An Interview with Lou Anders
Lou Anders is the editorial director of Prometheus Books’ groundbreaking science fiction and fantasy imprint Pyr, as well as many anthologies, including the forthcoming volumes Masked (Gallery Books, July 2010) and Swords & Dark Magic (Eos, June 2010, co-edited with Jonathan Strahan). Lou is a four-time Hugo Award nominee, a Philip K. Dick Award nominee, a World Fantasy Award nominee, and a Chelsey Award winning art director.
Is the life and work of a sci-fi editor at all like you imagined it would be? What are the best and worst parts of the job?
I’m not sure I imagined doing this at all. As a kid I wanted to be either James Bond or Batman, and in college I fell in love with acting and directing. I came into the field backwards, through a series of career shifts, from playwriting to journalism and screenwriting to the dot com industry to freelance anthology editing to here. At each stage, it was always throw myself in and sink-or-swim, so I didn’t have a lot of lead time to imagine what was around the corner. I do remember telling my boss when I was hired that I thought I could do the job utilizing about a third of my day. Ha ! (In my defense, it was initially conceived as a much smaller list and ramped up very fast after I was onboard. Hmmm, could that have been deliberate?).
As to the best and worst parts: The best part—finding a book that has me leaping out of my chair with excitement, a manuscript so good I forget to edit it and just get caught up in the action, then sharing that book with the world. Equal to this is the pleasure (and honor) of working with some of the world’s top illustrators when it comes to creating a cover for these books. At such moments, I am the luckiest guy on earth. The worst part—when something brilliant and deserving fails to catch and find its audience. Nothing more painful.
Within the last few years, the number of fantasy works set in our present day world, but with magical tweaks, has surged dramatically (as have romance hybrids). Do you think something like this will happen with sci-fi as well?
Well, we’ve already been through a wave of “techno-thriller” novels, with a lot of the big names of SF forgoing space for the near future. Greg Bear, David Brin, William Gibson have all been writing novels set in the present, Neal Stephenson even went back into the past for “historical science fiction”. I don’t want to misquote him but I believe Robert J. Sawyer has said something to the effect that he intends all (or most) of his forthcoming work to be like this. As to romance hybrids, I did recently notice a “my boyfriend is an alien” type novel on the mass market tree display in B&N last week, packaged exactly like an urban fantasy only with tentacles. I’m surprised there isn’t more of an SF incursion into urban fantasy already, as that crowd pushes out further from vampires and werewolves. But we’ve also had a flowering of space opera, perhaps coming out of that now. And parallel universe novels, with its sub-sub-genre of steampunk, are all the rage.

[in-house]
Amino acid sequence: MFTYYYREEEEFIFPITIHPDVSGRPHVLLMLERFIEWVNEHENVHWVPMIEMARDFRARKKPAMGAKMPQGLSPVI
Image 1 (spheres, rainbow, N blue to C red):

Given the wide range of sci-fi from Anne McCaffrey’s Pern to the work of Alastair Reynolds, how do you define sci-fi? Would you include steampunk without obvious fantasy elements, for instance?
Science fiction is always easier to identify at its center than at its edge, and I feel strongly that definitions need to be descriptive not prescriptive, talking about what it does rather than what it isn’t. My favorite definition is Frederik Pohl’s, which I’ll share here:
“Does the story tell me something worth knowing, that I had not known before, about the relationship between man and technology? Does it enlighten me on some area of science where I had been in the dark? Does it open a new horizon for my thinking? Does it lead me to think new kinds of thoughts, that I would not otherwise perhaps have thought at all? Does it suggest possibilities about the alternative possible future courses my world can take? Does it illuminate events and trends of today, by showing me where they may lead tomorrow? Does it give me a fresh and objective point of view on my own world and culture, perhaps by letting me see it through the eyes of a different kind of creature entirely, from a planet light-years away? — These qualities are not only among those which make science fiction good, they are what make it unique. Be it never so beautifully written, a story is not a good science fiction story unless it rates high in at least some of these aspects. The content of the story is as valid a criterion as the style.”